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CR with ZeroCarb

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(I searched for this information in vain before deciding to post this)

 

Is anyone here practicing CR while eating ZeroCarb? What about CR+ZeroCarb+OMAD? Basically eating once a day, and just eating meat in that sitting. 

 

I'd love to hear your thoughts. I eat ZeroCarb (occasionally OMAD) but I'm considering adding CR to it for health (and thus longevity) reasons.

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I think most here are vegetarian/vegan.  A few are low carb.  I've been keto for almost 2 years but I'm eating a mixed diet with maybe 1/2 of my calories from animal foods but most of the bulk from leafy greens and other vegetables plus a little fruit.  Almost everyone here tries to hit a high level on all micronutrients while restricting calories.  Cron-o-meter is  a popular app for tracking nutritional intake.  I expect it will be challenging to cover the full micronutrient spectrum eating zero carb, for example vitamins C and A tend to be limited in animal foods, though one could supplement such as many vegans do for B12 and sometimes other things hard to get from plant sources.

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I doubt that zero carb/carnivore suits the purpose of CR, since you are going to eat too many protein, unless you are able in a carnivore diet to stop at 0.6-0.8 g/kg/d protein, which seems very difficult or nearly impossible (you should eat prevalently fat and very little meat).

CR is also based on moderate leucine and methionine, which are conversely very high in animal protein. mTOR is probably going to be overamplified, notwithstanding the single daily meal.

 

Last, extreme diets like fruitarian and carnivorous by definition do not belong to CR+ON (CR+optimized nutrition). 

 

The Rosedale diet, which includes many vegetables, is sure a CR alternative. But it is low protein besides being low carbs.

 

Bottom line, and I hate to be a party pooper, but a ZC-carnivorous diet does not seem to be a serious scheme for longevity. Rather, the other way around.

 

Moderate meat plus lots of low carb vegetables might be. With some supplements.

 

Later on, since I have tog oto work now,  I'll try and see what a ZC-moderate protein diet would look like in cronometer.

Edited by mccoy

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Mccoy: ZC-carnivorous diet does not seem to be a serious scheme for longevity.

 

That makes sense.  But I want to consult with Melvin West before I come to any final judgment.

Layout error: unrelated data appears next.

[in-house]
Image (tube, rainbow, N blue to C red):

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srid, since I love fiddling with cronometer, I prepared a tentative CR-ZC plan for you, at about 1700 kcal (this of course depends on your size but it can be scaled up or down).

My constraints were low calories (1700) and protein equal to the RDA (0.8 g/kg/d), the rest being fat. I entered 50 grams of beef liver per day, in the attempt to maximize micronutrients. I Could not enter more, since that would pose you art risk of hypervitaminosis. So, your daily diet would be something like this:

Pork, bacon, pan, fried, 70 g

Atlantic salòmon, cooked, 70 g

Beef liver, 50 g

Olive oil, 4 tbsp

lard, 75 gr.

 

The above quantities, you cannot exceed. However, this plan is far from perfect. For example methionine, which ideally should be low in a CR diet, is 1.6 g (250% RDA), this might give you problems in lowering IGF-1

Also,  you would remain deficient in many nutrients:

  • Omega-3 (but you might substitute some flaxseed oil to EVOO)
  • B1, B6 (marginally), choline, folate (pretty much)
  • Vitamin C (very deficient)
  • Vitamin E
  • Vitamin K (pretty deficient)
  • Calcium, magnesium, manganese, potassium (very deficient)
  • Iron 
  • zinc

Of course, you might supplement, so you are theorically all right, if you can hack it (I mean, a very boring diet). Variety can be introduced, but amounts of  proteic food must remain low, as you've seen, about  200 grams daily. 

Besides, this is a diet which has never been observed to be conducive to longevity, unilke the diets of the blue zones dwellers. Cholesterol is very high and you should have to check regularly your lipds, also your inflammation markers like CRP.

 

Re. melvin West: he's an expert on ZC recipes and I was tempted to include some exotic variety in the above cronometer plan, but I just couldn't find snake flesh in the cronometer database!

 

Anyway, if you are convinced and like the challenge, thats'it, please keep us informed!

 

Disclaimer: I'm not an health professional, the above diet may be hazardous to health since missing many nutrients and I do not suggest it. Such a diet, if initiated, should be followed under strict medical supervision.